Wednesday, February 20, 2013

A Strange Package

There was a strange package on my porch.

Oh hey look, it's my EQ2 Chains of Eternity Poster!

I need to get a frame for it.
Someone signed Firiona's tatas!

Tuesday, February 19, 2013

Who YOU Callin' Casual?

There is a misconception floating around that decorators are casual players.

It's true that a lot of us aren't as interested in combat. Some of us may have never been on a raid before, and there are just as many of us who don't have capped level combat characters as there are those of us who do.

And yet, decorators tend to be some of the most hardcore players. Yes, you heard me correctly. Decorators tend to be some of the most hardcore players.

Let me repeat that in case you missed it.

Decorators tend to be some of the most hardcore players.

Not all of us raid. Not all of us roleplay. But all of us spend hours and hours and hours and hours lining things up just right. We go short on sleep to adjust a fireplace just where we want it. We craft, quest, raid, and writ endlessly to obtain the items we want for our homes. If we don't raid, we pay raiders for what we want. We farm tirelessly for materials during holidays--and EQ2 has a lot of holidays!

Decorators (from what I have observed) spend the most SC out of any other group of players. We buy houses. We buy furniture. We buy home expanders. We buy more houses. We buy more expanders. We buy character slots to host characters specifically for the names of house zones. My character list is full of them. Hello, Library, Town, Hallway, and Abode! We buy appearance armor not only for ourselves, but for mannequins to place in our homes, or to dress our guild hall guards with.

We spend anywhere from a few hours to a few months on a single zone in the game--the house zone we are working on. Have you ever heard a raider say, "Yeah, it took us weeks to down XYZ mob?" Guess what? It took a decorator months to get a house ready for publication, and a raider will likely only spend a few hours a week raiding. So their weeks turn out to be less than 24 hours of play (Yes, I know that they can spend longer than that getting a raid down, but for the most part, I'd say 24 hours is a safe average). To put that into perspective, I spent four hours working on the grand staircase in Blazewolf's hall. Four hours. On a staircase. And I'm fast at using the circle tool. I shudder to think of how long it would take anyone else.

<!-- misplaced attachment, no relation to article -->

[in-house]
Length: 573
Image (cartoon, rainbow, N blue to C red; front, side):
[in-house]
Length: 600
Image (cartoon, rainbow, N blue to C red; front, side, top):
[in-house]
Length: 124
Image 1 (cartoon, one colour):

Let's also consider the time to gather materials for a house. It's true that we have guild harvesters, a pack pony, and a goblin. But sometimes you need more. My dojo alone (the Homes and Tomes Credit Union) took 23 eucalyptus lumber and 30 brellium ore! It's a tiny little space used exclusively for holding special harvests and apprentices.

I took Jazabelle, grabbed a harvesting potion, and spent about three hours harvesting eucalyptus. Brellium took another three hours. That's six hours of harvesting just to obtain the materials for furniture for a tiny space (and I'll admit I came out of there with extra eucalyptus and brellium, but we can always use more rares in a crafting and decorating guild).

So the next time you think of a decorator as casual, think again. I've spent on average of 120 hours per house I build. That's a long time.

Decorating is hardcore.

Monday, February 18, 2013

What Is It Like?

I was chatting with a friend in another guild late last year. She's a decorator (of course), and she's in a hardcore RP guild.

"What's it like?" she asked me wistfully as we each engaged in our respective play of choice for the evening, she at some tavern somewhere, while I meticulously aligned tiles in one of my warehouses.

"What's what like?" I resized the tiles and stacked them again, trying to neatly fit the maximum number of tiles in the minimum amount of space.

"What's it like being in the only decorating guild around?"

I was quick to reassure her that Homes and Tomes isn't the only decorating guild around. There are others. Homes and Tomes just happens to be one of the largest, with a member list that spans servers.